At times fighting back tears, the Facebook COO and Lean In author Sheryl Sandberg drew on the experience of suddenly losing her husband, Dave Goldberg, to heart-related causes last year.
“I am not here to tell you all the things I’ve learned in life,” Sheryl Sandberg said in her commencement address at the University of California, Berkeley, on Saturday. “Today I will try to tell you what I learned in death.”
“I learned about the depths of sadness and the brutality of loss. But I also learned that when life sucks you under, you can kick against the bottom, break the surface, and breathe again,” Sandberg said. “It is the hard days—the times that challenge you to your very core—that will determine who you are. You will be defined not just by what you achieve, but by how you survive.”
No wonder Sandberg’s remarks—her first public speech about her husband’s death—are going viral. Where many commencement addresses hinge on professional triumphs and challenges (or, let’s face it, copious sports metaphors), Sandberg wasn’t afraid to lay her personal struggle bare. She nearly cried in her address, despite all of the women in business who view that as the ultimate in undermining your power.
Some Highlights Of Her Speech
After spending decades studying how people deal with setbacks, psychologist Martin Seligman found that there are three P’s—personalization, pervasiveness, and permanence—that are critical to how we bounce back from hardship. The seeds of resilience are planted in the way we process the negative events in our lives.
The first P is personalization—the belief that we are at fault. This is different from taking responsibility, which you should always do. This is the lesson that not everything that happens to us happens because of us.
When Dave died, I had a very common reaction, which was to blame myself. He died in seconds from a cardiac arrhythmia. I poured over his medical records asking what I could have—or should have—done. It wasn’t until I learned about the three P’s that I accepted that I could not have prevented his death. His doctors had not identified his coronary artery disease. I was an economics major; how could I have?
Studies show that getting past personalization can actually make you stronger. Teachers who knew they could do better after students failed adjusted their methods and saw future classes go on to excel. College swimmers who underperformed but believed they were capable of swimming faster did. Not taking failures personally allows us to recover—and even to thrive.
The second P is pervasiveness—the belief that an event will affect all areas of your life. You know that song “Everything is awesome?” This is the flip: “Everything is awful.” There’s no place to run or hide from the all-consuming sadness.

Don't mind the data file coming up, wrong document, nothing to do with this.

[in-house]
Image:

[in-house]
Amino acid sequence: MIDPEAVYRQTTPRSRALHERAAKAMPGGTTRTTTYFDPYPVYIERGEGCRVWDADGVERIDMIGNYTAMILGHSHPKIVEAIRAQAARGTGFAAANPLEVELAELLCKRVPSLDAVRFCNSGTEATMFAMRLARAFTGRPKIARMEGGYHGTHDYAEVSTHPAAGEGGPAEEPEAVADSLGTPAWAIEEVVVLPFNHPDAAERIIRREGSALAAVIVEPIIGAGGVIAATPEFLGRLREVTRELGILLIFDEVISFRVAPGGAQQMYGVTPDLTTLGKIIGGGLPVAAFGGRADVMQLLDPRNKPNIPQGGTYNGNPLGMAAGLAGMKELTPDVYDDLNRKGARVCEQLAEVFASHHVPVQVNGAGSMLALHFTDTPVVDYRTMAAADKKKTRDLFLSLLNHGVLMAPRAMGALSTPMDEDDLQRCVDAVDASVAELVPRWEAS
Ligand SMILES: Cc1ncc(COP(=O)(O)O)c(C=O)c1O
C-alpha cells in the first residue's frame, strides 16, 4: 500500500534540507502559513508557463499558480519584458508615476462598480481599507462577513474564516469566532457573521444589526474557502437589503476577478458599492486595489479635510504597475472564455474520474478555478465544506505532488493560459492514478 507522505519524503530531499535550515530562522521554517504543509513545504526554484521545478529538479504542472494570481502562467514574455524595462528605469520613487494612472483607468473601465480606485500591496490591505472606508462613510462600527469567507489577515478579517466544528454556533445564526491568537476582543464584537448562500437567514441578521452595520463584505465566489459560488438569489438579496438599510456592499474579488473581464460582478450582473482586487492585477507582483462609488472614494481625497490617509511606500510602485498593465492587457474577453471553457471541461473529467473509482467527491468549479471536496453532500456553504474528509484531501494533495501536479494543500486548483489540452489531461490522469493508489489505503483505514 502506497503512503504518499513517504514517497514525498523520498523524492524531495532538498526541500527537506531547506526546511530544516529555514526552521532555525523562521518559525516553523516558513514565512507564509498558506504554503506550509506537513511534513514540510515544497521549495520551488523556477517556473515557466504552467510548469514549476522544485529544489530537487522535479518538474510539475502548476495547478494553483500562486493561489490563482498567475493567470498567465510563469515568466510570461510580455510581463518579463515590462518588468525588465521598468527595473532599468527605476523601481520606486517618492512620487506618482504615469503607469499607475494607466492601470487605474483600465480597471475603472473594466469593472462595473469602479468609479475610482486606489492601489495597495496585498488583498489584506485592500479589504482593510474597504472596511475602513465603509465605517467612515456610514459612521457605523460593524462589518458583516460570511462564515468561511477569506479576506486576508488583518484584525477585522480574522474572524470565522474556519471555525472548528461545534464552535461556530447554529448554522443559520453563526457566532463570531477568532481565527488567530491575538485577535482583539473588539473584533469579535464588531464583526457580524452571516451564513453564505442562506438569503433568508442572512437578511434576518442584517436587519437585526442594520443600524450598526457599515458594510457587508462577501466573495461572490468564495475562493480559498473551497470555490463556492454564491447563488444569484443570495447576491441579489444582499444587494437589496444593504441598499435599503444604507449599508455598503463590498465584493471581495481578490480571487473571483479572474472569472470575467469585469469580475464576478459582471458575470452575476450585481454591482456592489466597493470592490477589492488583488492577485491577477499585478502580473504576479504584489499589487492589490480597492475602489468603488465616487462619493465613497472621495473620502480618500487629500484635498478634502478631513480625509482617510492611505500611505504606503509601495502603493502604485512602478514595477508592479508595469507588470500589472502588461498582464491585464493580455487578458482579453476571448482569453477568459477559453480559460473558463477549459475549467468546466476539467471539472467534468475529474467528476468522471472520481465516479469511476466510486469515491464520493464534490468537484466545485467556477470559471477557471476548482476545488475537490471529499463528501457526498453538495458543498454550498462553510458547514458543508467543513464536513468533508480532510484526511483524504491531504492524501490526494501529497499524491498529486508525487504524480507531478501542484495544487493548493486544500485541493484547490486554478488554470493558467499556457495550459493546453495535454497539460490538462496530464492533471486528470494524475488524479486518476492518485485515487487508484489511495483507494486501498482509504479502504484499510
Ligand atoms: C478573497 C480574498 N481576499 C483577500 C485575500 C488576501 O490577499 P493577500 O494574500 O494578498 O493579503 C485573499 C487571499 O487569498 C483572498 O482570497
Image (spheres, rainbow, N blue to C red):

The child psychologists I spoke to encouraged me to get my kids back to their routine as soon as possible. So ten days after Dave died, they went back to school and I went back to work. I remember sitting in my first Facebook meeting in a deep, deep haze. All I could think was, “What is everyone talking about and how could this possibly matter?” But then I got drawn into the discussion and for a second—a brief split second—I forgot about death.
That brief second helped me see that there were other things in my life that were not awful. My children and I were healthy. My friends and family were so loving and they carried us—quite literally at times.
The loss of a partner often has severe negative financial consequences, especially for women. So many single mothers—and fathers—struggle to make ends meet or have jobs that don’t allow them the time they need to care for their children. I had financial security, the ability to take the time off I needed, and a job that I did not just believe in, but where it’s actually OK to spend all day on Facebook. Gradually, my children started sleeping through the night, crying less, playing more.
The third P is permanence—the belief that the sorrow will last forever. For months, no matter what I did, it felt like the crushing grief would always be there.
We often project our current feelings out indefinitely—and experience what I think of as the second derivative of those feelings. We feel anxious—and then we feel anxious that we’re anxious. We feel sad—and then we feel sad that we’re sad. Instead, we should accept our feelings—but recognize that they will not last forever. My rabbi told me that time would heal but for now I should “lean in to the suck.” It was good advice, but not really what I meant by “lean in.”
Finding gratitude and appreciation is key to resilience. People who take the time to list things they are grateful for are happier and healthier. It turns out that counting your blessings can actually increase your blessings.
Build resilience in yourselves. When tragedy or disappointment strike, know that you have the ability to get through absolutely anything. I promise you do. As the saying goes, we are more vulnerable than we ever thought, but we are stronger than we ever imagined.
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